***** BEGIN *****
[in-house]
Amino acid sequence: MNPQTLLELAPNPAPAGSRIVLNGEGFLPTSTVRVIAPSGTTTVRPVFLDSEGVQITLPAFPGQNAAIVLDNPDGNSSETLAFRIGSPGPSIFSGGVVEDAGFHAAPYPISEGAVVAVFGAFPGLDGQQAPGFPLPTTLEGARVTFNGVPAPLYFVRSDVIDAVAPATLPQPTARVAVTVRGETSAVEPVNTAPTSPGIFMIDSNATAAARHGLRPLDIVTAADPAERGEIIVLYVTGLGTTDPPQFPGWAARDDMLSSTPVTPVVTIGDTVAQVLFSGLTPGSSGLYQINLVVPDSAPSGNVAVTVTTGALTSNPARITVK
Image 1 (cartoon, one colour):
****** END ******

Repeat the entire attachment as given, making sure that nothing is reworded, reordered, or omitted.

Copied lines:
[in-house]
Amino acid sequence: MNPQTLLELAPNPAPAGSRIVLNGEGFLPTSTVRVIAPSGTTTVRPVFLDSEGVQITLPAFPGQNAAIVLDNPDGNSSETLAFRIGSPGPSIFSGGVVEDAGFHAAPYPISEGAVVAVFGAFPGLDGQQAPGFPLPTTLEGARVTFNGVPAPLYFVRSDVIDAVAPATLPQPTARVAVTVRGETSAVEPVNTAPTSPGIFMIDSNATAAARHGLRPLDIVTAADPAERGEIIVLYVTGLGTTDPPQFPGWAARDDMLSSTPVTPVVTIGDTVAQVLFSGLTPGSSGLYQINLVVPDSAPSGNVAVTVTTGALTSNPARITVK
Image 1 (cartoon, one colour):